The company is also sponsoring -- and has several products in -- the upcoming "Sex and the City II." Steve Cannon, MBUSA's VP marketing, tells Marketing Daily, "It's a big position in a film that skews female, which is a great demographic for us," partly because of a demographic shift toward women among highly educated, affluent consumers. ...Read the whole story >>
by Tanya Irwin
The primary objective of the campaign is to connect with the trendsetting, creative 18-24 age group in a nontraditional, innovative way, Nancy Inouye, Scion advertising and media manager, tells Marketing Daily. "We wanted to create an experience that was both engaging and entertaining while leveraging the strength of online media." ...Read the whole story >>
by Aaron Baar
Nearly two-thirds of the 4.2 million net new subscribers added during the fourth quarter of 2009 did so using prepaid contracts -- a 54% increase for the prepaid segment of the overall wireless market in the U.S. during the fourth quarter of 2009, compared with 3% growth for the postpaid (also known as contract-based) plans during the same period. ...Read the whole story >>
by Karl Greenberg
As Chrysler sails into 2010 under the wing of Fiat and off the launch pad of the company's turnaround program, the Jeep unit of the Auburn Hills, Mich. automaker is figuring on working out its own flight path. And it has its brand equity to uphold. ...Read the whole story >>
by Karlene Lukovitz
"There is still weakness in the industry, but we're starting to see the proverbial light at the end of the tunnel," NPD's Bonnie Riggs says. "GDP is up, and consumer spending and retail sales were up last month. Moreover, the consumer confidence level -- a very key metric for restaurant analysts -- is up. When consumer confidence rises, traffic usually starts to improve shortly after." ...Read the whole story >>

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The Perfect Cup of Coffee

It was about 10 years ago that I was introduced to coffee shops, where you pay big bucks for a special coffee drink.

Starbucks had not yet made it to Fort Wayne, Indiana, but there were a slew of local places that were opening up.

Then the economy took a hit, and many of the local shops discovered that unless you were special, you would be out of business.

Also Starbucks came to town and opened up nearly a dozen locations. When they cut back, they closed some Starbucks in neighboring small towns, but all the Fort Wayne Starbucks remained open.

I got word this week that they are going to open a second location in downtown Fort Wayne in a new hotel that will be open 24/7.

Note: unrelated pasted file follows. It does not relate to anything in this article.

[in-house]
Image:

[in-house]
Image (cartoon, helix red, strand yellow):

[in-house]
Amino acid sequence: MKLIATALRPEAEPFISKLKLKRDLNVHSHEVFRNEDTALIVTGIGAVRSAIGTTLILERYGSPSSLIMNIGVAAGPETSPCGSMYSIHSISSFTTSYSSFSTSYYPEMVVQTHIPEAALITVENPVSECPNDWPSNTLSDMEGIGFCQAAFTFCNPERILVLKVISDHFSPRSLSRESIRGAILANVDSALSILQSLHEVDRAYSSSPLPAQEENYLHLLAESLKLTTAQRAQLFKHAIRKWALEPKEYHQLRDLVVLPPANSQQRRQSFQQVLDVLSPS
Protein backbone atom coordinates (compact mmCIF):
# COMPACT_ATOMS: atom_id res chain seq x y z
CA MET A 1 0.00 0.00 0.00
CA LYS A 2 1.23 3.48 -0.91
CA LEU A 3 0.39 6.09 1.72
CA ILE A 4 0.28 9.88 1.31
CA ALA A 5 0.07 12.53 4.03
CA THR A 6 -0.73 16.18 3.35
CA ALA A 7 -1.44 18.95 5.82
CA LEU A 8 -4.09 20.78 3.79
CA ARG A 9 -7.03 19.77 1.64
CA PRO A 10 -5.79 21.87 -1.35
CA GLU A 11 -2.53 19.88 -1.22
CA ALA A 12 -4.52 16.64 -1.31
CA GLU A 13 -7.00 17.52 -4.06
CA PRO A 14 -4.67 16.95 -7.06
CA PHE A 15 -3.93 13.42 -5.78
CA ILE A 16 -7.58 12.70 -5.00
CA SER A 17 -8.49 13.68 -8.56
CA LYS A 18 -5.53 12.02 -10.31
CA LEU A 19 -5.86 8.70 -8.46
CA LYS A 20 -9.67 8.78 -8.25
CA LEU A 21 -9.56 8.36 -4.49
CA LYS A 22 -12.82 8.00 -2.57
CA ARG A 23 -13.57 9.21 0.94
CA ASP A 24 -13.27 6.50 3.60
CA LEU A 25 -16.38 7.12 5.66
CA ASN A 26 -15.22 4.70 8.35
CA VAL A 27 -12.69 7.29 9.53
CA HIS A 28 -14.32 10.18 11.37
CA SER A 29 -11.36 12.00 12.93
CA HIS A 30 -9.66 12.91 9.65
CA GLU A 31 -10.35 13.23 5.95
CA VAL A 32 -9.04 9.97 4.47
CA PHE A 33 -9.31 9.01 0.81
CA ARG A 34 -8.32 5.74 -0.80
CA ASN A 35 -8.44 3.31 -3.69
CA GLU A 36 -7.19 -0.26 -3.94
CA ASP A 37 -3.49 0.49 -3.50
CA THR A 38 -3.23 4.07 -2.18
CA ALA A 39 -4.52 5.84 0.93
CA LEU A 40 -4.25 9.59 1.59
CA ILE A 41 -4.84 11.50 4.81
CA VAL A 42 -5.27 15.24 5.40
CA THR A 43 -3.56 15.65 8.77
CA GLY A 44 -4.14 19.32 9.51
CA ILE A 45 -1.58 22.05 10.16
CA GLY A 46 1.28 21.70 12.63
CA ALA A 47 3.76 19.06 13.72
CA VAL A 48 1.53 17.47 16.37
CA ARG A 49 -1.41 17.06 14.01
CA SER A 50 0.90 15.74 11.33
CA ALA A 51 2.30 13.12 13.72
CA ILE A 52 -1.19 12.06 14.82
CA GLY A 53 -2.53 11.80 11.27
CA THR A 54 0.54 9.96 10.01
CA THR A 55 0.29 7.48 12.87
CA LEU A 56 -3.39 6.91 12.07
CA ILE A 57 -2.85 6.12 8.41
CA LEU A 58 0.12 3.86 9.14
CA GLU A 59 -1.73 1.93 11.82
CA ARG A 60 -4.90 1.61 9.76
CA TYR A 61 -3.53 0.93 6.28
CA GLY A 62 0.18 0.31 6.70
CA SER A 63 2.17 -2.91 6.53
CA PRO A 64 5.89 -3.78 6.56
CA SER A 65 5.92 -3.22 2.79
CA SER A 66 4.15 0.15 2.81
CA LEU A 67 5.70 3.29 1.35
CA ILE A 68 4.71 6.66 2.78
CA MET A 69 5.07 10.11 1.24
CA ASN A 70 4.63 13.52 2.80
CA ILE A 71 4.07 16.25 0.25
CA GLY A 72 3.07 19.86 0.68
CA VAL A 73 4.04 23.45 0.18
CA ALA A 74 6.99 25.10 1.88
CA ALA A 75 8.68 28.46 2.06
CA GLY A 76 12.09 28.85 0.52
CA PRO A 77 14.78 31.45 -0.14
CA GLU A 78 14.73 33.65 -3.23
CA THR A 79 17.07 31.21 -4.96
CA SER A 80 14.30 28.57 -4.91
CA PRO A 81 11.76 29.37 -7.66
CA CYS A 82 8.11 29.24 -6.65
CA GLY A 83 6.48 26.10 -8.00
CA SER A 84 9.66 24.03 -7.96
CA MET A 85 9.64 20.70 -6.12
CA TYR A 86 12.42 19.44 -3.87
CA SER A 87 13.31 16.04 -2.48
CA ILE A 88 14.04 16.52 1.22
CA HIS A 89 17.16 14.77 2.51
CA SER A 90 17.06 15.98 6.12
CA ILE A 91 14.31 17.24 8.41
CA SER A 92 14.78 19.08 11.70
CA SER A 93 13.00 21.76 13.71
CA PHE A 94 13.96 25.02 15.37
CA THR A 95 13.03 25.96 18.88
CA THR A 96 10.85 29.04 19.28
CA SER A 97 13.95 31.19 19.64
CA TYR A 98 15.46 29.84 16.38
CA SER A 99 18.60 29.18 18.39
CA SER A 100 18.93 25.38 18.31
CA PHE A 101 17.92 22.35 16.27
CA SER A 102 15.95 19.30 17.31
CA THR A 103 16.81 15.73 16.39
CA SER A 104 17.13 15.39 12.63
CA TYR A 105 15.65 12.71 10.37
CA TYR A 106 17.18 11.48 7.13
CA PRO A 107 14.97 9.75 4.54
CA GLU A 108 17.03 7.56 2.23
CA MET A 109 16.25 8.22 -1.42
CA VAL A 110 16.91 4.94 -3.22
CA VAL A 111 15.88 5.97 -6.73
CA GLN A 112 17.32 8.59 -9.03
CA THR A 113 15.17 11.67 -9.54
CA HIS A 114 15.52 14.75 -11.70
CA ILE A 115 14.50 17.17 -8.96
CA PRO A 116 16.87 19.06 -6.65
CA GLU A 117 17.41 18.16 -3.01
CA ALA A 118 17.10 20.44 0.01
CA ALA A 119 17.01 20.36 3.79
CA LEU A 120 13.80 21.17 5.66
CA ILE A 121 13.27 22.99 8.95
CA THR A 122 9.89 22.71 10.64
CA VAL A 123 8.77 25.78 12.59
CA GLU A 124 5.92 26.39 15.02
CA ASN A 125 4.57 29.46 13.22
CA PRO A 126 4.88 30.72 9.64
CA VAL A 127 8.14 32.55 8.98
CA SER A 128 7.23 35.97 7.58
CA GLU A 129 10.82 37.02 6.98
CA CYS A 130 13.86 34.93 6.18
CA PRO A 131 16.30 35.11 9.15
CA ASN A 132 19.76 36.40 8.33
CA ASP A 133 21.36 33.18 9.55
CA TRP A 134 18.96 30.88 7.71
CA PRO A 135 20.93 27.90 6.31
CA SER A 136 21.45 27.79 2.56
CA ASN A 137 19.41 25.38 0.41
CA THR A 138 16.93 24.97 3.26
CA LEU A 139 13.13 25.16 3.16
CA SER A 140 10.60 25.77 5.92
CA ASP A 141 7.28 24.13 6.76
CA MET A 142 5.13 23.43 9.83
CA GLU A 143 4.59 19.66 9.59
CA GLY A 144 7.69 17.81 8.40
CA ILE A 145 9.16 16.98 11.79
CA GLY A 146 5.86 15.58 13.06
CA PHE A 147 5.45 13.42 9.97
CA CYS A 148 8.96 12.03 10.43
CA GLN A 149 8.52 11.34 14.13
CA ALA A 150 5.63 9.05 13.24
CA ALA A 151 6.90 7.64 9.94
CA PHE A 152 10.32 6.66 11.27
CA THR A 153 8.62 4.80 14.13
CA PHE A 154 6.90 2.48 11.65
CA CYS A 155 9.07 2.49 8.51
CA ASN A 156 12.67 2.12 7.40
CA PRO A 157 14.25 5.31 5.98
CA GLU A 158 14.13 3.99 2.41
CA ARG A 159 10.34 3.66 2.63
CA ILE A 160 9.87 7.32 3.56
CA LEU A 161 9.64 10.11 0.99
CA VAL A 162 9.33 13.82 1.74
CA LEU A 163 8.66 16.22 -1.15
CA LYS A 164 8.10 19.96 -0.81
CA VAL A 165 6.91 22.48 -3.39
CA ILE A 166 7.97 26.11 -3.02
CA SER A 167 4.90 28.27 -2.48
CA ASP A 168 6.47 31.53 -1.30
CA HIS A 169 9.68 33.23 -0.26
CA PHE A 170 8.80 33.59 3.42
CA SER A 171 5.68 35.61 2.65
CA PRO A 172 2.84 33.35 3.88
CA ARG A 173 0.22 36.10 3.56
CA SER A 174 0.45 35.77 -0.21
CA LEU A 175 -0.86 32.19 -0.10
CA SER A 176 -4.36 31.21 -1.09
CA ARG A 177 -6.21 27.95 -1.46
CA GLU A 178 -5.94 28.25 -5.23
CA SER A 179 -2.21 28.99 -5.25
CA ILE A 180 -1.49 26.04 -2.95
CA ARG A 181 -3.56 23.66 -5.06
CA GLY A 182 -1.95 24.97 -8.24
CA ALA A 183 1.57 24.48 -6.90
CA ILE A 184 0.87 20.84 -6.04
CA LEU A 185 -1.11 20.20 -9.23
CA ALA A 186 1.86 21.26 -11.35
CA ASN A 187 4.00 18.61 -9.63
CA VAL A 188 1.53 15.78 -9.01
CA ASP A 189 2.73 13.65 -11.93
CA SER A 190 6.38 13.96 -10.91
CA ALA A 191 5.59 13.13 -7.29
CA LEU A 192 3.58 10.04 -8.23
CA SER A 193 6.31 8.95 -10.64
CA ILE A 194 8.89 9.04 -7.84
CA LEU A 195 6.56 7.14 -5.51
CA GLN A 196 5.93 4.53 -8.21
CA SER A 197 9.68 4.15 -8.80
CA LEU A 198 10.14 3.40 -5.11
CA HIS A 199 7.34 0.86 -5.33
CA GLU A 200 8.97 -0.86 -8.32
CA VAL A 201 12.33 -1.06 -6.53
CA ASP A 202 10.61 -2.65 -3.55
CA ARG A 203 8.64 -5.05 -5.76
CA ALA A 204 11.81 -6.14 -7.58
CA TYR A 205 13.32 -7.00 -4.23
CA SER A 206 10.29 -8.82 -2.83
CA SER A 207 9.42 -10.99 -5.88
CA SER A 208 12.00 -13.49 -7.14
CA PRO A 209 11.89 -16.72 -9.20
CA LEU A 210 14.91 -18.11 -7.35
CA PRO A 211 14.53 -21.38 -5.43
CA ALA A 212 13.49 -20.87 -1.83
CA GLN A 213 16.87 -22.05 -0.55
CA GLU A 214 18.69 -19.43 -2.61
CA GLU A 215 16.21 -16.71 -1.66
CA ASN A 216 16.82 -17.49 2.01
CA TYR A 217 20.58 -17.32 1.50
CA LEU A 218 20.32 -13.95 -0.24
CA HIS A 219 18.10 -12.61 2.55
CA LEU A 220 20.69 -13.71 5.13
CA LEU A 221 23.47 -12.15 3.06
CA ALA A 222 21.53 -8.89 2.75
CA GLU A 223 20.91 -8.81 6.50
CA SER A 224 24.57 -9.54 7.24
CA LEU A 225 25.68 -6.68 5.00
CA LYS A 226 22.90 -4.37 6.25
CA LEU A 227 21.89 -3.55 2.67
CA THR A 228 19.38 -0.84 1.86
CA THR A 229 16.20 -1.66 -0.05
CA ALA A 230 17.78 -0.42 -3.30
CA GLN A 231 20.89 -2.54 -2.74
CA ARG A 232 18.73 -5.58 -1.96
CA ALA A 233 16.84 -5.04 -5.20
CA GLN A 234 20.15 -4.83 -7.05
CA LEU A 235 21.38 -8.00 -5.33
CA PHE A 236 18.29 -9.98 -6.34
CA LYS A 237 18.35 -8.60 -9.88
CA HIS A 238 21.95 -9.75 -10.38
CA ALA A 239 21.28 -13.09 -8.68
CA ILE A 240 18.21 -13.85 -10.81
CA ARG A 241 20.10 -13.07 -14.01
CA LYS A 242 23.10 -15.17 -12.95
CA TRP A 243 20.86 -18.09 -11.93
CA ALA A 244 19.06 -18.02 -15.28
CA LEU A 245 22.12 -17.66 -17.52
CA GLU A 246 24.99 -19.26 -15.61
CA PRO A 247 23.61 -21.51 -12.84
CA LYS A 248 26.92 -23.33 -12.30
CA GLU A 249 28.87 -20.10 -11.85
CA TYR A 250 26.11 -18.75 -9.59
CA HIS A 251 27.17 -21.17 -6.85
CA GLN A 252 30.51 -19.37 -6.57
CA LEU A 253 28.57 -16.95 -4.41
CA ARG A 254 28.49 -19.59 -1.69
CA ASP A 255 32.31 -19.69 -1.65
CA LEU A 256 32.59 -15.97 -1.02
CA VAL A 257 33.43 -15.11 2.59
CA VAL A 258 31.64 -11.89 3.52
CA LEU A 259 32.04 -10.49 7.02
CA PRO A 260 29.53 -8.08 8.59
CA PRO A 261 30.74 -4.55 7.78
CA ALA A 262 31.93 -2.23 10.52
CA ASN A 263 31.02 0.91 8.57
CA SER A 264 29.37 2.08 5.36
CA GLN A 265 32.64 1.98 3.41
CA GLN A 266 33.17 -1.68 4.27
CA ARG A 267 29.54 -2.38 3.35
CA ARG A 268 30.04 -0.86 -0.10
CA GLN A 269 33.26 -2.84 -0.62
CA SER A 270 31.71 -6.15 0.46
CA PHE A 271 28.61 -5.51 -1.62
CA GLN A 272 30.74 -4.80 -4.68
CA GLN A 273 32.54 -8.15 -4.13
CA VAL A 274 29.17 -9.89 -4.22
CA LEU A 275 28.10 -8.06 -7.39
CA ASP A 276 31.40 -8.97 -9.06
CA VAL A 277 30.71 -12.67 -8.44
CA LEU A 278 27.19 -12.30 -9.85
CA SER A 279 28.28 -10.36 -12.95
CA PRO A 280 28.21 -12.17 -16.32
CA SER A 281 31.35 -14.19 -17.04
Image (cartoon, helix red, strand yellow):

In the meantime, the coffee wars have heated up. McDonalds improved their brew then added McCafe. Dunkin' Donuts added more stores in Fort Wayne.

Now comes word that 7/11 is going to revamp their coffee image. That's one that I'll have to live without since we don't have a 7/11 in this city anymore.
7-Eleven Revamps Coffee to Attract Younger Crowd Since 1964, when one of its franchisees first created grab-and-go coffee, 7-Eleven Inc. has always offered its No. 1-selling proprietary beverage in glass pots. In fact, customers at the chain's stores pour 1 million cups of coffee from these glass pots every day.

This year, however, that is all about to change.

After more than a year-and-a-half of research and development, the Dallas-based convenience store giant is revamping the way it delivers, presents and markets the coffee category in its stores, as it attempts to attract younger consumers. In an exclusive interview with CSNews Online, Jay Wilkins, 7-Eleven's category manager for hot beverages, spoke in detail about the retailer's new coffee strategy and goals.

While the c-store chain has no doubts about the quality and flavor of its coffee -- or how it stands up against the competition -- Wilkins said there's no denying that the consumer is constantly changing, just as new trends are always emerging.

"Coffee is an integral part of our business," he said, noting a high value is placed on the coffee customer since they are frequent visitors and very loyal. "We know we have a relatively good coffee business, but we also know we want to continue to message to and target that younger customer -- the Millennials, 20- to 35-year-olds. We want to attract new people to our stores, while also making sure we're completely respectful to our customers today."

7-Eleven's existing shoppers are mostly males in their late 30s to early 40s, but Wilkins said they're now going after a mix that's more male/female balanced and younger.

As the company's research showed, what resonates well with Millennials is different than what resonates with 7-Eleven's existing customer base, particularly when it comes to coffee. And so, the retailer is changing things up with this mind. The revamp includes:

-- Switching from glass pots to urns;
-- A new coffee bar with a modernized look and more functional layout;